Learning about microbes involves a bit of unlearning because these critters are amazing. Their symbiotic relationships they develop with hosts and with each other can be incredibly complex. Did you know there are worms with no mouths, no stomachs and not anuses because they don’t eat, they are nourished solely by bacteria through chemosynthesis. Did you know that bacteria can swap genes with each other enabling a kind of hyper-evolution. It’s still evolution as it passes through inheritance, but it’s fast. I could go on forever with the amazing facts and discoveries and research that is going on, but the best thing is for you to just read this book.

I loved I Contain Multitudes. I am impressed with Yong’s ability to explain the science and the research so this lay-reader could easily understand new concepts and where they fit into our understanding of the world. Biology is not my strong suit, I can never remember which is meiosis and which is mitosis. Nonetheless, even though I skipped high school biology, I was able to easily understand the book.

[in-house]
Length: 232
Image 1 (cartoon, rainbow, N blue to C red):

Long writes with wonder and excitement, and you can feel his enthusiasm on every page. He also writes with humor and wit, from silly puns to bits of gossip and insider stories. He expresses the bemusement and astonishment of scientists who are surprised by the wonderful ingenuity and flexibility of microbes.

This is also an important book. There are solutions here for medicine, which is obvious, but also for things like building for flooding with microbes that combat and prevent mold. A project that is working to fight Dengue Fever could also fight the Zika virus and malaria. Important, informative, and entertaining, what more can you ask?

I Contain Multitudes: The Microbes Within Is and a Grander View of Life at Harper Collins Publishers
Ed Yong Web Site

http://tonstantweaderreviews.wordpress.com/2016/10/04/i-contain-multitudes/ ( )
1 vote Tonstant.Weader | Oct 4, 2016 |
"I Contain Multitudes" is a deft combination of contagious curiosity and even-handed treatment of Mr. Yong's subjects: microbes. This book is certainly packed to the brim full of interesting facts and anecdotes, but the author is always very careful to show the other side of the coin and not get too carried away with speculation. His writing style is also casual but never too lax: you always feel as if you're getting the complete picture. To be sure, this is a subject that will garner only further interest in the years to come and Mr. Yong has set a high bar in a book both informative and filled with integrity. ( )